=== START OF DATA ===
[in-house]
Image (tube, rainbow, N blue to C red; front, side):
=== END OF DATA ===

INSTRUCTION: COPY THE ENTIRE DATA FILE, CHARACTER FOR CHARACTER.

[in-house]
Image (tube, rainbow, N blue to C red; front, side):